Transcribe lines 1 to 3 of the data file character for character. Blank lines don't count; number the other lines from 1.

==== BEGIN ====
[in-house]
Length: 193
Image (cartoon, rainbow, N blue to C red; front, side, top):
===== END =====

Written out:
[in-house]
Length: 193
Image (cartoon, rainbow, N blue to C red; front, side, top):